astronomy What are the best places to observe stars from our category?

In summer, many stars are visible to the naked eye. We can even expect to see shooting stars, those meteors that light up as they pass through the atmosphere. When they pass right over our heads, they are easier to observe. On the other hand, the more one looks at the horizon, the more blurred the vision becomes, disturbed by the rays of light coming from the city.

According to the National Observatory of Biodiversity, 81% of the national land area is plagued by light pollution. Obstruction to sky observation and irony for some creatures whose bearings are upset. This light pollution includes public and private lights and traffic. Homo sapiens gradually tamed the night to be able to live there like daylight. Even when you stand in the middle of nature, away from built-up areas, distant lights illuminate the horizon.

To limit this phenomenon, it is recommended to move away from the light source as much as possible and gain altitude. What better, then, to try the experience than the alpine sector. The most daring will opt for night hiking using headlamps. Others will choose areas accessible by car, spending several kilometers through winding roads.

The Alps are largely protected from light pollution

Satellite Image: Google Earth

There are maps that let you know the dark spots near you. These maps correspond to those that depict population density Thus the Alpine arc is well endowed with areas not polluted by light. Especially in rural areas such as the east of Savoie or the high-alpine and low-alpine massifs.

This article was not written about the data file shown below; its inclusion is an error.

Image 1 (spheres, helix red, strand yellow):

Of course, for a successful stargazing experience, you need to go on a cloudless evening and take into account the lunar cycle to prevent the full moon from obscuring your vision.

Here are some examples of ideal places for summer stargazing:

The light of Geneva does not reach the summit of the Jura.

The light of Geneva does not reach the summit of the Jura.

the law

The National Nature Reserve of the Haut Chain du Jura offers many vantage points for stargazing. The Jura Massif acts as a natural barrier with the nearby Geneva conurbation, a vector of light pollution.

To observe the stars you need to go east of Annecy.

To observe the stars you need to go east of Annecy.

Haute-Savoie

Here, it is recommended to move away from large cities such as Annecy, as well as populated valleys such as Arves. The Bornes Massif and Aravis Range have a variety of road passes and villages from which it is easy to observe the sky.

Light pollution is widespread in the valley but not in the Chartreuse and Bages massifs.

Light pollution is widespread in the valley but not in the Chartreuse and Bages massifs.

savoy

Savoie, more rural than its neighbor Haute-Savoie, has many places to enjoy a dark night. Just 30 minutes from Chambéry, the La Doriaz car park at an altitude of 1100 meters is a good starting point to admire the heavenly vault. Savoyards can also go to the heart of the Beaufortain or Vanoise massifs, which are less populated and therefore less affected by light pollution.

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Grenoble Y is more visible at night.

Grenoble Y is more visible at night.

Isere

The characteristic Y shape of the Grenoble metropolis is especially visible at night. But locals can enjoy a very dark place in Chartreuse, a few kilometers away from the agglomeration. The pre-Alpine massif is a perfect wall against the onslaught of light from Gracievaudan and the neighboring towns of Chambery and Grenoble.